It’s a fact that screens are here to stay. Used correctly they can be a very positive and enriching part of a child’s development. Interestingly, it’s not just what your child is doing on their screen that matters developmentally, it’s how long they are spending doing it.
Bedtime story apps can be good for winding down after a long day. Doing a game or puzzle that increases a child’s finger dexterity, numeracy or literacy skills all have educational value. Indeed, even watching a bit of entertainment such as an age appropriate television show is also fine as long as a child isn’t watching continuously for hours and hours without a break.
The problem arises when the screen becomes the babysitter. Screens shouldn’t be something that impede children from connecting with other children – or their wider environment. I see this happening a lot with older children where they have play dates and all they do is sit around staring at their phones rather than interacting with each other.
Research shows that too much screen time is also exacerbating the problem of childhood obesity since children aren’t moving around enough. Fortunately, the advent of games such as Pokémon Go have had a very positive influence in that respect. Any games that get children and young people up, about and out of the house safely and securely should be encouraged.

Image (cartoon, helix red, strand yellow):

Ultimately, when it comes to screen time, it’s really all about common sense. Look for age appropriate apps and games that don’t require too many in-app purchases unless you want to run up huge bills. The best way to approach screen time is let children use their screens in short bursts of up to 30 minutes before moving them on to another engaging non-screen based activity. Breaking the day up into short blocks of time doing different activities is one of the best ways to stimulate cognitive development in children.
By all means, let them play their Peppa Pig number game for 15 minutes in the morning, but once that’s done, put the tablet away and direct them towards something different such as playing with a favourite toy, reading a book together or taking them outside for a change of scenery. Variation is key.